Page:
Formal Wear: Weddings

  July 16, 2022   Read time 2 min
Formal Wear: Weddings
Ties, however, are quite likely to be worn at weddings, and a groom may also wear a light colored suit like off-white or olive green rather than the more common gray or navy blue. Male guests usually wear darker colored suits.

On formal occasions like weddings, women dress like movie stars on premiere night. Because the genders are segregated on such occasions, women spare no effort to present an impressive image: low-cut dresses in heavily embroidered fabrics revealing a lot of cleavage and bare legs are quite usual, even for women who generally observe the hijab rules in mixed company.

On the wedding morning, the bride and her close female relatives visit the beautician/hairdresser. Traditionally, single women had their eyebrows shaped and facial hair removed with a twisted thread for the very first time a couple of days before their wedding, a visual indication of entering marital status. On the big day the bride would be made up in bold colors, while any unmarried sisters and cousins would wear muted, low-key make-up. Her mother and middle-aged matrons would also wear make-up, but nothing excessive. However, these practices are now changing, at least among some urban families. Young women often have their eyebrows shaped irrespective of their marital status, while both married and unmarried young women may wear make-up as flashy as they dare, and sport quite extravagant hairdos. Even middle-aged women, if they are close relatives of the bride or the groom, now will dress more like the younger women.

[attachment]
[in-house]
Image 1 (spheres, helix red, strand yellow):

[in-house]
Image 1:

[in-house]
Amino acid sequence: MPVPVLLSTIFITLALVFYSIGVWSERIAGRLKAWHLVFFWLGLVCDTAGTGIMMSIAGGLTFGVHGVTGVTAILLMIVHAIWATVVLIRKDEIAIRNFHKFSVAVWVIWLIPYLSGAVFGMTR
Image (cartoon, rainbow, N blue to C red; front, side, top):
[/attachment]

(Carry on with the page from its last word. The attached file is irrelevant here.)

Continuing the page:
Bridal make-up and hairdressing salons are booming businesses in Iran. A bridal party made up of the bride, her mother and sisters, and possibly one or two aunts will spend the whole day of the wedding until the evening at the hairdresser’s salon getting prepared for the reception. The cost of a bridal make-up and hairdo ranges from about $400 (or £250) for the bride only (equivalent to a teacher’s monthly salary), depending on the hairdresser’s location. The total bill for the bridal party make-up is paid for by the groom.

Make-up fashion shows the influence of neighboring Arab countries, such as Khâliji (Gulf-style) and Loobnâni (Lebanese). Other current make-up fashion items are temporary tattoos on bare arms, the neck, and cheeks, make-up that looks like a tan, hair extensions, and color contact lenses. When the bride is dressed and made up in the beauty salon, she wears a specially made white chador or long cape and hood to cover her gown and make-up for the ride to the reception hall. The groom picks up the bride from the beauty salon in a flower-decorated car in which, if she is not particularly bothered about the hijab rules, she may take the white chador off. Brides that observe the hijab rules closely may also cover their faces because of the heavy make-up, probably the only instance of face-covering in mainstream Iranian culture. Covering the face is extremely unusual in Iran and is likely to attract curious stares.

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